Digital Comics Apps Top The Charts
MediaBistro recently reported that, according to data from AppData (Inside Network’s data service that tracks both app and developer statistics), comic apps continue to lead all other book apps in their charts. Comixology’s app is number one on the list, followed by the publisher-specific apps for DC Comics (No.2) and Marvel Comics (No.3).
I’ve been following digital data more and more lately, starting when our household got its first iPad last month. “Digital data” is a bit of a misnomer at the moment for comics; there’s very little data to go around on what exactly digital sales are, who the company that’s making the sales is, and who’s buying them, not to mention why and when. That said, it’s incredibly interesting, I think, that comics are in the top three slots in AppData’s list. We can’t be sure about the specific numbers for these apps, but it’s incredibly heartening as a comic fan that the comic apps are selling better than apps for kids (4, 6, 9) and the Bible (7, 10). The Bible!
As I sit here and feel guilty for having a ton of comics on my iPad but no Bible (it’s alright, I’m Catholic, guilt comes naturally) here’s three more things happening in digital comics worth talking about:
1. DC is Doing Stuff Right
As I mentioned above, there is very little data about digital comic sales to go around right now. But if there was info available, I have a strong suspicion that DC Comics would be leading (if not lapping) the competition in terms of sales. DC has been fairly close to flawless with its digital content, especially since the DCnU started. The DCnU line is day-and-digital, which means that the digital editions are released concurrent with the traditional newsstand copies. This really helps keep everything equal, and expand the ability of people to sample a particular digital book the same day as they’d have normally bought it at their local store. Kudos, DC.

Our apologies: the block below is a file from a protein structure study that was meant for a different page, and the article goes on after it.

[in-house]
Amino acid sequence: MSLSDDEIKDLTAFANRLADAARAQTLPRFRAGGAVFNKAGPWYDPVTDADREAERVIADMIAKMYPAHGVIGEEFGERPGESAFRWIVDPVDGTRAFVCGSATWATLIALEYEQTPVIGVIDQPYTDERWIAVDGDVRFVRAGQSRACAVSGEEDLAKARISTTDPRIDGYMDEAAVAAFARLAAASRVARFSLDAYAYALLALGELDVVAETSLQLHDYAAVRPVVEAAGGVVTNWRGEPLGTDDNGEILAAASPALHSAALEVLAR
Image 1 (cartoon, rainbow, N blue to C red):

2. Marvel (So Far) is Not
You know how I mentioned that it’s really, really nice to know that a comic is going to come out digitally the same day as it comes out physically? Well, no one seems to have told Marvel. Or rather, someone seems to have just told Marvel; they’re moving to day-and-digital, but not until April. It’s a bit late, relative to DC, but it’s still a good sign that Marvel’s catching on. The other sticking point for Marvel right now is the way that they’re going about getting the word out about digital comics to their customers. They’ve not been making nice with retailers over their practices in this area and they’ll need to correct that moving forward. (If you’re drawing a blank about what I’m talking about, check out retailer Brain Hibbs’ scathing indictment; it’s the third item, “Digital Dilemma”)
3. Digital Can Only Be Good For Comics
I could be widely off-base here, but I see a lot to be optimistic about when I look at the digital embrace of comics. There are lots of potential readers out there, and they’re more reachable than they’ve been in years. (Really ever since the advent of the direct market, but that’s another article.) We know that the apps are moving, and every app sold then becomes a small, personalized comic store which can be shopped at anywhere, at any time. Comics suffer absolutely no deterioration in moving to the digital world, and the different options of how you can read are intriguing and ripe for experimentation (paging Scott McCloud!). I think that there’ll still be a place for brick-and-mortar comics stores. As less and less new comics (I just can’t bring myself to use the word pamphlet) are sold in comic stores, I think the stores will be able to stock more and more specialty items, like trades, art books, and the like. I could be wrong about that. I certainly hope I’m not, but I could be.
Comics are in an interesting place right now, and for an industry that can be insular and staunchly traditionalist, I’m encouraged to see the industry move further and further into the digital realm.